One of the primary missions of the U. S. Coast Guard (USCG) is to maintain tens of thousands of aids to navigation called buoys. The Coast guard has approximately 40 buoy tenders, which are ships used to maintain buoys. Each of these ships services several hundred buoys in its geographical region each year. Annual servicing consists of inspecting the buoy and its mooring chain, recharging its batteries, and replacing burned out lights. At regular intervals, the buoy is replaced. The buoy tender's captain must plan the ship's activities so that each buoy is serviced within a one-month service window.
The routing and scheduling of a buoy tender is complicated by a number of important real-world considerations:
- Buoy servicing should be done in daylight. Thus, the operating schedule varies with the season, sea conditions, and locale.
- The buoy tender itself undergoes annual maintenance typically lasting about four weeks.
- A buoy tender can carry only a limited number of new buoys, so only a limited number of buoys can be replaced on each cruise.
- A buoy tender may use a number of ports other than its homeport.
- The captain of a buoy tender usually tries to schedule its activities so as to minimize crew fatigue.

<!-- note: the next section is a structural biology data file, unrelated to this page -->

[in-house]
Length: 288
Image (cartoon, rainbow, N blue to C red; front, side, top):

The routing and scheduling of a buoy tender was investigated as part of a simulation project of the USCG Research and Development Center. The solution has applicability to a wide range of routing and scheduling problems. The solution that was developed separates the routing and scheduling portions of the problem. For any given route, optimum arrival times are determined for each buoy. The problem then reduces to finding the optimum route. To do so, a pruning strategy was developed which greatly reduces the number of potential routes, which must be examined. This pruning strategy uses the service windows for each buoy in such a way that only a small number of deviations from the originally planned route must be made.
After this method of routing and scheduling buoy tenders was developed, it was tested by computer simulation of several years of buoy-tending activity in which emergencies and adverse weather conditions were randomly introduced. The method was efficient enough to dynamically alter the schedule in response to such phenomena.